Now the creativity and controversy which the most talked-about prize in British contemporary arts generates is heading for Hull - after the announcement today that it will host the prestigious prize as part of its year as UK City of Culture in 2017.
It will be held in the city’s Ferens Art Gallery and will be only the fourth venue outside London to present the Turner Prize, following the Baltic in Gateshead, Ebrington in Derry-Londonderry and this year’s venue, Tramway in Glasgow.
Named after one of the country’s best-known artists, the Turner Prize is given annually to one of four artists shortlisted for an outstanding exhibition they have held in the last year.
Often controversial, exhibits have included My Bed, a dishevelled bed by Tracey Emin (1999), as well as a shark in formaldehyde by Leeds artist Damien Hirst.
Neither won, although Hirst later did with a bisected cow and calf in 1995.
Other winners have included Martin Creed’s installation featuring a light going on and off and Grayson Perry’s pots tackling subjects like death and child abuse. He accepted his prize in 2003 wearing a dress.
The Turner Prize was set up in 1984 to celebrate new developments in contemporary art and was named after painter J M W Turner. Four shortlisted artists present works in a show normally held at Tate Britain before the winner is announced - but in two years’ time - between October 2017 and January 2018 - the prize will be staged in Hull.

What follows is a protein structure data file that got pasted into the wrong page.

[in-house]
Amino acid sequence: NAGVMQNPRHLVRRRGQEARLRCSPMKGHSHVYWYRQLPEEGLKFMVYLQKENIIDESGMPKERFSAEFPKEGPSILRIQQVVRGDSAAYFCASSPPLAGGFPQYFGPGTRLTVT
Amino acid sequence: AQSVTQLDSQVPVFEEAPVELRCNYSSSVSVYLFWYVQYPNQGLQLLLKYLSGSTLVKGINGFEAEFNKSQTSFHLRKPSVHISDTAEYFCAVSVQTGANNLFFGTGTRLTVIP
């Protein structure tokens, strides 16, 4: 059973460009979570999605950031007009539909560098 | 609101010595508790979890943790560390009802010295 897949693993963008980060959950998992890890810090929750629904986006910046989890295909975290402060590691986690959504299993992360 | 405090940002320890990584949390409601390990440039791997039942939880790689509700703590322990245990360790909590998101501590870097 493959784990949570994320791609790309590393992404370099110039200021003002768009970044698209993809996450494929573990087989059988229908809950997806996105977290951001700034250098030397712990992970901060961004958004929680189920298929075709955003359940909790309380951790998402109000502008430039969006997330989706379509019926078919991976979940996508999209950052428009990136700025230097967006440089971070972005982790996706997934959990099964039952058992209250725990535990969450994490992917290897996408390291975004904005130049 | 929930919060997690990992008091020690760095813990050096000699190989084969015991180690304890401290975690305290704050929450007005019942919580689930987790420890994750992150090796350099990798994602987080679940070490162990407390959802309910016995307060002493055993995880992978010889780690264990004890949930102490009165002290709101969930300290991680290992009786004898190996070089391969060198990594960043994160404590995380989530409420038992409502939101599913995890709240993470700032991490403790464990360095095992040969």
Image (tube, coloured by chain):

Tate director Sir Nicholas Serota said: “We are delighted that the Turner Prize will be presented at Ferens Art Gallery in Hull as part of the vibrant UK City of Culture programme.
“Alternating the prize between venues in the UK and Tate Britain has given the prize a new dynamic and deepened our relationships with audiences outside London.”
As part of Hull’s preparations for its year as UK City of Culture, the gallery will undergo a major £4m facelift. Funded by Hull City Council and a £1m cash injection from the Treasury and £500,000 from Arts Council England small capital grants programme, the work will allow the Ferens to host higher calibre exhibitions and to secure the preservation of existing collections for future generations.
Opened in 1927, the gallery was gifted to the city by TR Ferens, a local industrialist who also established a purchasing fund that has allowed the Ferens’ collections to grow in quality and range. It has acquired and commissioned works by living artists and was the first public institution to acquire a work by David Hockney in 1962 and more recent acquisitions include a neon artwork by Dutch contemporary artist Bik van der Pol.
With an outstanding permanent collection including works by Canaletto, Frans Hals, Henry Moore, Barbara Hepworth and previous Turner prize winners Gillian Wearing and Mark Wallinger, the Ferens is one of the reasons why Hull was chosen to be the next UK City of Culture.